Ocean species

From ANIMAL PEOPLE, May 1994:

The National Resources Defense
Council sued the U.S. Navy on April 17 in
Los Angeles, seeking to block 270 sched-
uled underwater explosives tests near the
Channel Islands National Marine Sanctuary,
slated to start April 24 and go on for five
years. The suit claims the permits issued to
the Navy by the National Marine Fisheries
Service violate the Marine Mammal
Protection Act, the National Environmental
Policy Act, and the Migratory Bird Treaty
Act. Co-plaintiffs include Save The Whales,
the Humane Society of the U.S., American
Oceans Campaign, and Heal the Bay.

A proposed attempt by the
Scripps Institution of Oceanography in La
Jolla, California, to measure thermal vari-
ance in the oceans via sound waves was
delayed and may be cancelled after a flurry
of opposition surfaced at a hearing on the
plan held March 22 by the National Marine
Fisheries Service. While Scripps insisted
the underwater loudspeakers it intended to
use would not harm marine life, others were
unconvinced, including Nick Voth of the
Sea Shepherd Conservation Society online
network, who noted that as many as
1,503,503 animals could be affected accord-
ing to Scripps’ own estimate of the maxi-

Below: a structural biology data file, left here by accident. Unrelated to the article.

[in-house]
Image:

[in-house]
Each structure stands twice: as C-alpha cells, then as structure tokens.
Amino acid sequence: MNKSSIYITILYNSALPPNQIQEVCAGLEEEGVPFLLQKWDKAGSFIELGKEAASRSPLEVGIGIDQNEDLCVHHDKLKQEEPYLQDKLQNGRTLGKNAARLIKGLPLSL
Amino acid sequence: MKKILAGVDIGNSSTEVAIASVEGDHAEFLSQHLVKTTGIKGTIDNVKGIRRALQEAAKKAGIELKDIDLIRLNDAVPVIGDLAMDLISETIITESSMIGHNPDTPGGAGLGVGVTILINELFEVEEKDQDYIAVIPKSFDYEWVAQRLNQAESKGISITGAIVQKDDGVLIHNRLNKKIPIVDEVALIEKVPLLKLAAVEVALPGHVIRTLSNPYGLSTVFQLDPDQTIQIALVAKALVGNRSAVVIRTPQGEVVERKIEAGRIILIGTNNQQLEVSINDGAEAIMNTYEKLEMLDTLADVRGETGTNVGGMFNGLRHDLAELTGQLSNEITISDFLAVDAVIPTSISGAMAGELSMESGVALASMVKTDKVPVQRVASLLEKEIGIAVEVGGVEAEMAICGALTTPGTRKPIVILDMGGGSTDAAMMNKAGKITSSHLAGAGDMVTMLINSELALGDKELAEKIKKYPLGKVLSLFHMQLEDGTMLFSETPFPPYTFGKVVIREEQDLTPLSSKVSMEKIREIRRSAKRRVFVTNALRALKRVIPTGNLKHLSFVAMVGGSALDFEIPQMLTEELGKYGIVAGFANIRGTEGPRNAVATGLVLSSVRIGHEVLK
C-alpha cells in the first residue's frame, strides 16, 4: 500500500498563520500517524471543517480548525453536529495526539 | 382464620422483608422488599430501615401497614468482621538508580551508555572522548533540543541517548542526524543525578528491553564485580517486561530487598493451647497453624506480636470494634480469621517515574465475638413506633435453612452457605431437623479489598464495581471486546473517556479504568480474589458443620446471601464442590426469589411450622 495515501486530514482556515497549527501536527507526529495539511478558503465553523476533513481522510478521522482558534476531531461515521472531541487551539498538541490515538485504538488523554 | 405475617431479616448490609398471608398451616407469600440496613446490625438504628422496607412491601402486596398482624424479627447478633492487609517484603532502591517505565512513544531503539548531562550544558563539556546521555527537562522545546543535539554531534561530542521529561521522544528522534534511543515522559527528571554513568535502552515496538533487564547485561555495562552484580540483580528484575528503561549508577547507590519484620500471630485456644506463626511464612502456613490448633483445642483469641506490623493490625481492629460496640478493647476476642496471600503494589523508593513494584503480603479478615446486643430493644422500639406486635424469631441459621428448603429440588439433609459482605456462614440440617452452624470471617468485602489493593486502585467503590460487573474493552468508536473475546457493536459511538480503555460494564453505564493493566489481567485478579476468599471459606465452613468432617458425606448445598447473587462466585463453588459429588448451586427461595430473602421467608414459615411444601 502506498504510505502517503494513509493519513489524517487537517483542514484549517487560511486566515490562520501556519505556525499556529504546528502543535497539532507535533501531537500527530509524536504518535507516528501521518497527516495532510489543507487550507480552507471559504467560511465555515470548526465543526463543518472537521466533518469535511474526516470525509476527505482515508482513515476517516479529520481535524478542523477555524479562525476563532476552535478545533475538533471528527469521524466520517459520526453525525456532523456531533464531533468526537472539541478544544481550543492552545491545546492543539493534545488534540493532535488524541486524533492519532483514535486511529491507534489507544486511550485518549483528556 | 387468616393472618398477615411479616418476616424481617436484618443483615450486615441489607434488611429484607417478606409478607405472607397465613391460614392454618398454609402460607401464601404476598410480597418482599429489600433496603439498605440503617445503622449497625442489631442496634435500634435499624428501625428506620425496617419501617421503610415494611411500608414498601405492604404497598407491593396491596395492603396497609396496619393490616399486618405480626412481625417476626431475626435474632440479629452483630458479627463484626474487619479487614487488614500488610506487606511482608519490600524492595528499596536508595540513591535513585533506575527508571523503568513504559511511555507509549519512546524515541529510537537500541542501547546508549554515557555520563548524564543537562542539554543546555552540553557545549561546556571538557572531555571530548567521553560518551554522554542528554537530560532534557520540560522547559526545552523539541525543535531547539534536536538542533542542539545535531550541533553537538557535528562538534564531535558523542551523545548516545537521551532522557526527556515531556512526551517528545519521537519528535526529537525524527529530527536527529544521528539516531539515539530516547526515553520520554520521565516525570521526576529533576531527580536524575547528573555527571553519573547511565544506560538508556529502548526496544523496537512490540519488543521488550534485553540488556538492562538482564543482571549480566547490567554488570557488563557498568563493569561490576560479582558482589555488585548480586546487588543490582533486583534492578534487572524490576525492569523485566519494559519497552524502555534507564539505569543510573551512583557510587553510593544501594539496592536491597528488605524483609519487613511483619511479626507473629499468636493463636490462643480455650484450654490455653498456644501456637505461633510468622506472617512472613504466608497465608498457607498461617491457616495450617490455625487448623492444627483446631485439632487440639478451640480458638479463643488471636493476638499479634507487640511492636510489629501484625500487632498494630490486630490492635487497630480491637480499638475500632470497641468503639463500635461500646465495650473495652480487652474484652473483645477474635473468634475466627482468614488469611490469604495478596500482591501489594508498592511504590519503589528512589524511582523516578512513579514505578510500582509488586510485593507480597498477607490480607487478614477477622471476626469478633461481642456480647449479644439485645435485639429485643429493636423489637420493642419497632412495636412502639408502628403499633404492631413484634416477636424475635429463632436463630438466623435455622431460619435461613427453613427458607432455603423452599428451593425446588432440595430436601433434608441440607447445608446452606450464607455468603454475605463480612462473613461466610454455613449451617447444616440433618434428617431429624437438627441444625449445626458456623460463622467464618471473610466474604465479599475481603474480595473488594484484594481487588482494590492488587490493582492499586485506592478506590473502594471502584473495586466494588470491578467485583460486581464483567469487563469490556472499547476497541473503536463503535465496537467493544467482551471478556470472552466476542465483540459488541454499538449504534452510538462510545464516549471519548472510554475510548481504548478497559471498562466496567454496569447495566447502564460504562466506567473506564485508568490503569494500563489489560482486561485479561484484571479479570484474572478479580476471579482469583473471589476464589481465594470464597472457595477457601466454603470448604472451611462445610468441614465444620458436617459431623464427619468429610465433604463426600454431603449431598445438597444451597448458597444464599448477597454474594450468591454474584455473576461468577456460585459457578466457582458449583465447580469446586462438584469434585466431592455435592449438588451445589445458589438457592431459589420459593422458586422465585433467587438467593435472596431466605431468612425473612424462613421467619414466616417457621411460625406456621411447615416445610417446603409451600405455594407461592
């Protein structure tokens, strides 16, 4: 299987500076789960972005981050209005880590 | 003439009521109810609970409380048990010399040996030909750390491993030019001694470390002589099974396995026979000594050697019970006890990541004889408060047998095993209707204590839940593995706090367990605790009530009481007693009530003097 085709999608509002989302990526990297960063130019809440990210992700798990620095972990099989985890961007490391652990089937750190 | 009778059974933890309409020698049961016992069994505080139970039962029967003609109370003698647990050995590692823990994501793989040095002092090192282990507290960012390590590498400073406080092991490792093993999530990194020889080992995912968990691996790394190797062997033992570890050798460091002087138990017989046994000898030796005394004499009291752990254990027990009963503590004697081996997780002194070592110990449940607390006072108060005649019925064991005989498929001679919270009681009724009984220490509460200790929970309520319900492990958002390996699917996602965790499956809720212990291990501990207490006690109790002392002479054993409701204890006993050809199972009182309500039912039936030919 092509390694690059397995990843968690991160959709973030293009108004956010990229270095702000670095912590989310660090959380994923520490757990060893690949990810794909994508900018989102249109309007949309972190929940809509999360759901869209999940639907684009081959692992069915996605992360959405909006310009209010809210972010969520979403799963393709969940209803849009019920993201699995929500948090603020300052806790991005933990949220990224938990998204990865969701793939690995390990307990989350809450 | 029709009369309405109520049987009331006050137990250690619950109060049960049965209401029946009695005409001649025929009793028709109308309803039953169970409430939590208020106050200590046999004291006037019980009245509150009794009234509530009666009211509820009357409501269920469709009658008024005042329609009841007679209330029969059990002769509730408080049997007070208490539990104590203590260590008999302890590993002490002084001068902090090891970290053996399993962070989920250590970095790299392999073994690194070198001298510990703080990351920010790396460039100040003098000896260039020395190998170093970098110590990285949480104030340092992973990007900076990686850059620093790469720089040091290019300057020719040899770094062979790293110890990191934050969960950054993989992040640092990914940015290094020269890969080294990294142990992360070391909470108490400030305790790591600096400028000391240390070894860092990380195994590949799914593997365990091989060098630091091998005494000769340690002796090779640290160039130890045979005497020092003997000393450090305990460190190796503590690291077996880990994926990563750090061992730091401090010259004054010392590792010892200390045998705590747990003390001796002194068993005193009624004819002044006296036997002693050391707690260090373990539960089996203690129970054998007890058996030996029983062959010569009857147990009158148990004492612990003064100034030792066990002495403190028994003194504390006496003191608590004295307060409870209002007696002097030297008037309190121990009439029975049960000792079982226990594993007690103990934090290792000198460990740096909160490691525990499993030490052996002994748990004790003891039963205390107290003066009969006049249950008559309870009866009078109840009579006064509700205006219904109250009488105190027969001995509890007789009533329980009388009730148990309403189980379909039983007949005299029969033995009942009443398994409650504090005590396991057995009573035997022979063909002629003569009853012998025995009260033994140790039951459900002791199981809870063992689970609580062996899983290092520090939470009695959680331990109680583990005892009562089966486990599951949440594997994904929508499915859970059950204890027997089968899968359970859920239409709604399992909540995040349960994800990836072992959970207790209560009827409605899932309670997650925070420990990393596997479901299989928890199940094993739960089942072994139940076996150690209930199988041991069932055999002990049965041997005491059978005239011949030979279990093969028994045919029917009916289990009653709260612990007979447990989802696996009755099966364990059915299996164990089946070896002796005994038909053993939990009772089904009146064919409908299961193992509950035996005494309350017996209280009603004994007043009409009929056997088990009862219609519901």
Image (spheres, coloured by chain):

mum “take” of the experimental sequence,
which would go on for two years.
The Chicago Animal Rights
C o a l i t i o n on April 8 stunned Ted Beattie,
new director of the Shedd Aquarium, by
offering $2 million for the return to the
ocean of Faith, Hope, and Freedom, as the
group has named the three Pacific white-
sided dolphins the Shedd captured off
California in late November. Beattie said
he would have to take the offer to the Shedd
board. CHARC is gambling that in the
unlikely event the offer is accepted, it will
be able to raise the funds in donations.
A pilot whale released in mid-
April after receiving medical care for eight
months at the Shedd Aquarium was doing
well a few days later, according to a fishing
crew who sighted the whale––identifiable by
his radio transponder––20 miles off the New
Jersey coast. The successful release and the
near-simultaneous
escape of a sea lion
named Pumpkin from a U.S. Navy holding
pen near San Diego both tend to suggest that
at least some captive marine mammals can
go home again, if given the chance.
Surfer Michelle Von Emster,
25, of Ocean Beach, California, was iden-
tified April 17 as the first confirmed victim
of a great white shark attack along the U.S.
Pacific coast since 1959. Von Emster was
in remission from a bout with leukemia.
The California Department of
Fish and Game has proposed limiting sea
urchin captures to 7% of the 1988 peak take
of 30m illion pounds. A pound of sea
urchin gonads goes for $80 to $100 in Japan.
Sea urchins were the most lucrative catch in
the California fishing industry in 1992,
fetching $29 million, nearly twice as much
as rockfish, the runner up at $14.8 million,
but are now in steep decline.
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